Bzdek was the founder of Wild Ivories, the man who'd brought four other partners into the deal. But only Kirkland and another guy actually put up money, Kirkland says. "What was happening was that Caz as a managing partner was running up these bills -- construction, marketing, advertising, vendor bills -- but there was no capital contribution....The club opened in severe debt, which we didn't know about. We were under the impression from Caz that everything was being paid, and it wasn't."
The partners voted Bzdek out of the deal in July, Kirkland says; they also filed reports with the Denver Police Department's fraud unit.
For his part, Bzdek claims he chose to step down as managing member of the partnership. "They're saying there was embezzlement and that's why there's no money," he says. "I mean, there's just no truth to those allegations. No one has taken the money and run. No one has embezzled."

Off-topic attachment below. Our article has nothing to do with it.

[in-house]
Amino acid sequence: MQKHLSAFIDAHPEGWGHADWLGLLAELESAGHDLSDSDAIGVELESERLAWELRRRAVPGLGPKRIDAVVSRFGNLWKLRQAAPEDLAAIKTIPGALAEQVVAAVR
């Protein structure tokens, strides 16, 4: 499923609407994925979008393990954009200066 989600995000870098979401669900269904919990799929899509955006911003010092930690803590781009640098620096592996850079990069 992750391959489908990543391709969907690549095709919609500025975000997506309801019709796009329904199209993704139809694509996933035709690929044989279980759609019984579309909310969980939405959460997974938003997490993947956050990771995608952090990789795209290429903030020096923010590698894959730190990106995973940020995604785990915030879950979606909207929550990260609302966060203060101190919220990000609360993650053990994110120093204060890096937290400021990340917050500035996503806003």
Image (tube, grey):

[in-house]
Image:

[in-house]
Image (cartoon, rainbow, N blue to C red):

The other partners have stepped up to keep the place going, with dueling piano shows Tuesday through Friday and DJs spinning in the downstairs Juke on Friday and Saturday, when the place is "really thumping," Kirkland says.
"Right now, my focus is to make this a successful entertainment venue and let the police and the district attorney sort out the rest," he concludes. "At the end of the day, it's a great concept...it's going to be a successful club. It's unfortunate we had to start out by trying to fight our way for air."